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Nebraska wouldn’t take [redacted] for an answer. And it appears that Michigan won’t take no for an answer.
According to Ian Rapoport of NFL.com, Michigan is making another run at Jim Harbaugh to be its football coach, and this time they reached onto the highest branches of their money tree to put together a 6-year, $48 million offer.
That would make Harbaugh the highest-paid coach in college football, eclipsing the $7.16 million Alabama’s Nick Saban makes. Saban is the only current college football coach making even $6 million a year.
Heck, there’s only one NFL coach who makes $8 million: Sean Payton. And there’s only one coach who makes more in any U.S. pro or major college sport: Coach K at Duke, who pulls in close to $9.7 million a year.
Out of necessity, those teams have traded away established players nearing big paydays for younger, cheap talent years away from cashing in. Then when some of those young players approach their paydays, they start the process all over again. Along they way, they try to identify surpluses and players they really want to build around.
Again, this has worked very well for both organizations. Tampa has made the postseason four of the past seven years; The A’s have gone each of the past three years and had a similar run in the early 2000s.
But there are some subtle reminders of just how thin the margin is for both teams, and one of them came to light today with news that the Rays are close to trading outfielder Wil Myers to the Padres. Myers isn’t close to cashing in, and the Rays will reportedly get several players in return, so it’s not like this is a total loss for Tampa.
That said, Myers was the unquestioned prize for the Rays in a trade after the 2012 season that sent, among others, pitchers James Shields and Wade Davis to the Royals. In 2013, it looked like a great move for both teams. Shields was great in his first year with Kansas City, and Myers was the AL Rookie of the Year with 53 RBI and an .831 OPS in just 335 at bats.
The Rays still had plenty of pitching without Shields, and Myers’ offense helped them get to the postseason. Everything was going great …
Until 2014. Myers hit a major second-year slump, batting just .222 with a .614 OPS. The Rays as a team finished last in the AL in runs scored, and despite a pitching staff that was still above-average, they plummeted to a 77-85 record. The Royals, of course, got another great year from Shields while Davis emerged as one of the best relievers in baseball as Kansas City went all the way to the World Series.
Long story short: the Rays gambled on staying ahead of the game, hoping that Myers would be a superstar making a pittance for years. He faltered, and now they’re flipping him for more prospects. If those players don’t pan out, they will have very little to show for the type of initial trade (Shields/Davis) that A) a larger-market team like the Yankees never has to make and B) a lower-revenue team like the Rays or A’s absolutely has to make and can’t afford to mess up.
The Star Tribune’s Mark Craig had a good piece today about just how far ahead the Vikings’ defense is from the offense — something that figured to be the opposite at the start of the season with a lot of question marks on defense and a lot of presumed playmakers on offense.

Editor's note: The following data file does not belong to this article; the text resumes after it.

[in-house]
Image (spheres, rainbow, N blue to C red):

The Vikings have improved enough on defense this year to be considered at least middle-of-the-pack, if not better. It might not be a championship defense, but it is on the way to being a good-to-very-good defense. The offense has cost the Vikings multiple games, plain and simple.
As such, here is how we see the Vikings’ biggest positions of need going into 2015:
*Offensive line: We wouldn’t be upset at all if the Vikings spent two or more draft picks on the offensive line, including the first-round pick. If you had to point to one unit as the reason things have tended to fall apart for Minnesota this year, the line is it.
*Wide receiver: An infusion of talent here is needed. Even if Cordarrelle Patterson has a resurgence in 2015, the Vikings need to get better here in order to give Teddy Bridgewater a better chance to succeed.
*Defensive back: The biggest reason the Vikings took a defensive leap this year is the relative health and strong overall play of the secondary, led by Xavier Rhodes. But bringing in some more depth at both corner and safety would be wise.
*Linebacker: Anthony Barr was terrific before his knee injury, and the rest of the players at this position have held up at least adequately in most situations. Still, it’s another area that could use more depth for the defense to take another step.
If the Vikings spent most of their draft picks and overall attention on those spots, they would be wise. If Adrian Peterson is gone, they will surely need to address running back depth as well, but the role of feature backs in the NFL has been diminished to the point that we wouldn’t consider it a higher priority than any of the aforementioned positions.
Months before the Vikings lured Brett Favre to Minnesota … and weeks before Jay Cutler was ultimately traded from the Broncos to the Bears … there was a steady stream of reports and rumors that the Vikings — coming off a 10-6 playoff season but still with questions at quarterback — were interested in making a deal for the QB.
Did you forget about this? Never forget it. Because with each passing Cutler game, we still wonder about it.